Dear Vicki: I love the Five Elements and have used them as a teaching tool with my daughter, Emma. She’s eleven now and understands that our elements can affect how we think and act. Yesterday, Emma and I were in the car and got stuck behind a slow truck. My Metal was fine going slowly until the truck could turn off, but in true Wood fashion, Emma was agitated about the progress we weren’t making. I suggested she practice patience, but instead, she shouted, “I hate being a Wood! We’re always in trouble!” I assured her that wasn’t the case and the issue passed, but it made me wonder if my Metal is affecting how I parent Emma. Also, could you please share what you consider to be the special aspects of Wood so that I can reinforce the positive parts for Emma instead of always seeming to reel her back. Thank you. Signed: Emma’s Mom
Dear Emma’s Mom: What a cool mom you are! It’s fantastic that you’ve taught Emma about the Five Elements. I’m happy to share what I consider to be the special aspects of Wood. In fact, I’ll provide what I call the super powers and gifts for each of the elements here. But I’ll start with your question regarding how your Metal might affect parenting a Wood daughter.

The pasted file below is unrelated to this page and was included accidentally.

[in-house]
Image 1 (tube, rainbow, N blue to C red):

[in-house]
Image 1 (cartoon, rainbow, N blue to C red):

As you know, Metal and Wood relate on the Controlling Cycle. That means Metal will feel a deep internal drive to help keep Wood in check for it’s own good. In a way, that describes a basic goal of mothering: Keep the child safe. And keeping a little Wood safe is often much harder than keeping a little Water, Earth, or Metal safe. Only little Fires will be as prone to undertaking adventures as little Woods.
As a Metal mom, perhaps you’ve caught yourself pulling Emma back from something “for her own good.” And yet, remember that you will discern what you think is good for her through your Metal filter. Metals are more reasoned and discerning than Woods, so it’s right that you use your skill and gifts as a Metal to help guide Emma. However, Woods thrive on taking initiative and making things happen, which means you’ll need to make sure you’re allowing abundant opportunities for Emma to do that. For example, mountain climbing at eleven years old is probably a bad idea, but volunteering for a local charity, planting flowers for seniors, or starting a dog-walking business are all activities that will feed Emma’s need to manifest. Remember that Woods need action and movement, which by definition, may not always seem safe to a Metal.